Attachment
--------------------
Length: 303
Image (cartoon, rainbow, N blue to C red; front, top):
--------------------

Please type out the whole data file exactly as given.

Length: 303
Image (cartoon, rainbow, N blue to C red; front, top):